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A French court has found Continental Airlines and one of its mechanics, John Taylor, guilty in the 2000 crash of an Air France Concorde. John Taylor was found guilty of involuntary homicide in the Concorde crash that killed 113 people and led to the end of commercial supersonic travel. Three other criminal defendants involved in the design and certification of the plane were found not guilty.
The decision to prosecute the aviation accident in criminal courts drew heavy criticism from the aviation industry who is concerned such prosecutions will dissuade witnesses from cooperating in investigations.
Continental must pay $1.3 million in civil damages to Air France. Continental must also pay a fine of $265,000. The mechanic must pay a fine of $2,650. He also received a suspended 15-month prison sentence. The aircraft manufacturer EADS was also found responsible and must pay 30% of damages to victims involved in the case, The New York Times reports. Air France already paid an unknown amount of damages for wrongful death to the families of the victims of the Concorde.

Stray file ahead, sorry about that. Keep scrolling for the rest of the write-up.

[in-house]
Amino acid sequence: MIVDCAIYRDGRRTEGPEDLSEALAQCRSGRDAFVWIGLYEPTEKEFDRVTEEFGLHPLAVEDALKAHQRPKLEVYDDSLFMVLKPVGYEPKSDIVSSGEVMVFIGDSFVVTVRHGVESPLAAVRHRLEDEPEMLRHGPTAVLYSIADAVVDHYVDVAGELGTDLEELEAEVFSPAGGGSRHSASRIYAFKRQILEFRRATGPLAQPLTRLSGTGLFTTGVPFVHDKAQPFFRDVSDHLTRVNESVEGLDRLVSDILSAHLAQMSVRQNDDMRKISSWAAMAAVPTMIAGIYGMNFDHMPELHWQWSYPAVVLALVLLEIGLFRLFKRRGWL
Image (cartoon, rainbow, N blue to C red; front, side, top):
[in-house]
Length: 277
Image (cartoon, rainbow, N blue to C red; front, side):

The court found that the engineers should have acted sooner to fix design flaws. The crash was apparently caused by a titanium strip that came off a Continental DC-10 that took off moments before the Concorde. Investigators found that the strip was improperly installed.
Naturally the guilty parties disputed the verdicts: Continental called it "absurd" in a statement. "I am shocked by this verdict ... I haven't had a chance to speak with my client yet, but I will tell him that he should appeal." said Taylor's lawyer Francois Esclatine. "[Continental] will not let itself be pushed around in this way and we will definitely appeal." said Olivier Metzner, a lawyer for Continental.
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